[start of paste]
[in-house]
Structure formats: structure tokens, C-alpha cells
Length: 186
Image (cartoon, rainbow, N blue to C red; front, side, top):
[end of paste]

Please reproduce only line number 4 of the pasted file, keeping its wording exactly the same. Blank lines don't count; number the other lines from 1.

Image (cartoon, rainbow, N blue to C red; front, side, top):